Create a context.


#include <mm/renderer.h>
mmr_context_t* mmr_context_create( 
                            mmr_connection_t *connection,
                            const char *name,
                            unsigned flags, 
                            mode_t mode )


An mm-renderer connection handle.
The name of the context. This must be a valid filename and will show up in the pathname space as a directory.
Must be zero. No flags are defined for now.
Permission flags controlling which processes can access the context. These flags are specified in a standard POSIX permissions bitfield.
The w bits control which processes can open secondary handles to access the context. The r and x bits provide access to mm-renderer events related to the context.
In this bitfield, the user permissions apply to the caller and to any process with the same effective user ID (euid). You must set these permissions appropriately to grant your application (or other applications running with the same euid) sufficient access to the context being created. The group permissions apply to processes with an effective group ID (egid) or a supplementary group ID matching the caller's egid. The other permissions apply to all other processes.




Create and open a new context with the specified name. Fail if a context with that name already exists. The name must be a valid filename and will show up as a directory in the pathname space, with its file permissions set based on the mode argument. Note that there's not a direct mapping between the value given in mode and the file permissions assigned to the context directory. For an explanation of how the permissions specified in the function call are interpreted, see the mode argument.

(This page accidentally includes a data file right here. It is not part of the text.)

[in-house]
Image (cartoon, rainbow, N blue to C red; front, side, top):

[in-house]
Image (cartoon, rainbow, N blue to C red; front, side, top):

When successful, the function returns a handle, called the primary handle, for accessing the newly created context. Depending on your configuration, you may be able to create any number of secondary handles by calling mmr_context_open().

To avoid memory leaks, every handle opened with mmr_context_create() needs to be closed, either explicitly through an API call or implicitly by terminating the process. The mm-renderer configuration also determines whether closing the primary handle also destroys the context. If this option is set and you do close the primary handle of a context, you can no longer use any secondary handles to that context, so you must close those handles by calling mmr_context_close() on each one. If this option isn't set, you can call mmr_context_close() to close the primary handle without destroying the context, which lets you keep using that context by accessing it with secondary handles.


A handle on success, or a null pointer on failure (check errno).


QNX Neutrino

Interrupt handler No
Signal handler No
Thread Yes